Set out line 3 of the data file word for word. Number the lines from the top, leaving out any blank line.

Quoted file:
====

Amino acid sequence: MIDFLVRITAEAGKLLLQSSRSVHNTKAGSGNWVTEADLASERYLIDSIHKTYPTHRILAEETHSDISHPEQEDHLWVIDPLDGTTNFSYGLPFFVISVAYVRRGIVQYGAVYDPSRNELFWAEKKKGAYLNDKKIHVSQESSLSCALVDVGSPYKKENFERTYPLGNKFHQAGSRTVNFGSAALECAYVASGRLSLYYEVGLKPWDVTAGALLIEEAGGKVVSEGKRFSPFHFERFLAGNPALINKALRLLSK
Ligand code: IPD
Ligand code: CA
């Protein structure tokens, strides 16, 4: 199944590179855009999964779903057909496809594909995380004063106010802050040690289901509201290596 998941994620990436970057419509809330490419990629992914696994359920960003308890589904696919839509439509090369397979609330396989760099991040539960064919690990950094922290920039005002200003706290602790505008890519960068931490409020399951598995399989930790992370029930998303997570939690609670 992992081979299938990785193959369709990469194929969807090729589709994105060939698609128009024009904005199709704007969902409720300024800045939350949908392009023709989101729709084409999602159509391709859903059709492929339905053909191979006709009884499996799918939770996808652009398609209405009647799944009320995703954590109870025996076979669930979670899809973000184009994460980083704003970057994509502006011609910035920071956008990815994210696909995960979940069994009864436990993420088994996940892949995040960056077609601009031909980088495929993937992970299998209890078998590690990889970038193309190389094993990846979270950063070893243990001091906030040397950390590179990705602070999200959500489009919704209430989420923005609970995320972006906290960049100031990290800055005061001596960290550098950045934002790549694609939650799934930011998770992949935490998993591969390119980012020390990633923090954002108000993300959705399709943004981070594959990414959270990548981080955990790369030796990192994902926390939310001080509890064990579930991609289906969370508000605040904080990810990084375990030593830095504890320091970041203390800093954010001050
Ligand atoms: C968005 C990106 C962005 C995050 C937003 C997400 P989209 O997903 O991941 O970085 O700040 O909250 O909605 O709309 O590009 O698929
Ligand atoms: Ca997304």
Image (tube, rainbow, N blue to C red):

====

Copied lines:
Ligand code: CA